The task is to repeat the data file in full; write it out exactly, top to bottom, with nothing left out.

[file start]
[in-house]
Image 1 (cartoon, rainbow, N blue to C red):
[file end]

[in-house]
Image 1 (cartoon, rainbow, N blue to C red):